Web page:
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A New Portrait of Livia from Thysdrus (El Jem, Tunisia)
Lea M. Stirling
American Journal of Archaeology
Vol. 116, No. 4 (October 2012), pp. 625-647
Published by: Archaeological Institute of America
Stable URL: http://www.jstor.org/stable/10.3764/aja.116.4.0625
Page Count: 23
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In the 1970s, a fragmentary sculpted portrait of the empress Livia wearing a wreath of wheat was found in a monumental building (dubbed the Imperial Cult Building) on the forum of ancient Thysdrus (El Jem, Tunisia). Published here for the first time, the head dates to ca. 10–20 C.E. The new Livia is part of a cluster of Augustan and Julio-Claudian statuary—an Augustus, a possible Octavia, and three hitherto-unpublished headless statues—that sheds new light on the prosperity and public ambitions of Thysdrus in the Early Empire. The unadulterated crown of wheat accentuates ties to Ceres with unusual emphasis but fits in with contemporary African coinage and dedications. Additional figures can be found under this article’s abstract on AJA Online.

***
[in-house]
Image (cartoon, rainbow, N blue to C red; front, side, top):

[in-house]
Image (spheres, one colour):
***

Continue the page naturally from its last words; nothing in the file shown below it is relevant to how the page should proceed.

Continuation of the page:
Copyright 2012 Archaeological Institute of America